5G Networks: Inevitable but Problematic

5G stands for ‘Fifth Generation’, meaning the 5th generation of mobile technology. No matter what you may hear to the contrary, it will become the new standard. The problem will be getting to that level, because there are, as with all new technologies, problems that must be overcome. For the moment, the positives outbalance the negatives, but the negatives cannot be dismissed out of hand.

5G’s biggest positive is speed. 5G delivers speeds that are 10 to 100 times that of current 4G networks. We’re talking speeds of gigabytes per second, which, quite frankly, will be astounding for most users. Here’s a graphic representation from Qorvo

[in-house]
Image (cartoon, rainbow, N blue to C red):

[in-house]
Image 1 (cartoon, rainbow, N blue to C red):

Of course, this means that many downloads will be finished in seconds. Streaming will be seamless. But, probably more importantly for gamers and others, virtual reality will be able to manipulate huge amounts of data to improve the virtual experience. Smart devices will be smarter. Self-driving cars will be safer. What’s there not to like?

The first 5G problem is that today’s cyber infrastructure is not built for it. 4G networks were built to operate within certain frequencies. When first implemented, no one really planned that cellular networks would see so much information traveling through them. They are now so crammed with electronic information that they are slower than they should be. In order to get around this problem, 5G networks will need to operate in a new frequency range, a higher and faster frequency range.